There are several ‘sticking points’ that get in the way of patients sticking with their prescribed treatment. In fact, medication nonadherence remains a key area of wasted health care resources. A recent article in the Journal of Managed Care and Specialty Pharmacy points out that there are two types of medication nonadherence:
- Primary Nonadherence: when a new medication is prescribed for a patient, but the patient fails to fill the prescription within an acceptable time period.
- Secondary Nonadherence: when a patient fails to refill a prescription after receiving the first prescription.
Addressing both of these sources of nonadherence can save health care resources by lowering the avoidable health care costs of drug waste, treatment failure, and medical complications. This benefits not only the patient, but also payers and all other key players.
Our pharmacy model at BioPlus Specialty Pharmacy aims to minimize nonadherence by creating numerous touch points with each patient. This includes an initial visit with each patient, when we learn about their current medical issues, past health concerns, concurrent medication usage, and other pertinent information. Then, we check in with patients and interact about adherence issues each and every month while patients are under our care.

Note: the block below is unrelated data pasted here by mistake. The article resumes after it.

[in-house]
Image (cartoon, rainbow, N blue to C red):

Adherence can also be addressed indirectly by connecting with the physician, which we do with ongoing communication with the physician’s office. Our Tap App web tool provides an easy and instant way for physician offices to access real-time specialty pharmacy information and treatment monitoring about their patients under our care. Physicians are even alerted when their patients experience a dip in adherence, allowing both our specialty pharmacy and the physician an opportunity to encourage adherence in the patient. In all, these touch points result in our impressive medication adherence rate, such as our hepatitis C treatment adherence rate of 97.7%.Stephen C. Vogt, Pharm.D.
President and CEO
BioPlus Specialty Pharmacy | www.bioplusrx.com
Adams AJ, Stolpe SF. Defining and measuring primary medication nonadherence: Development of a quality measure. JMCP 2016;22(5):516-23.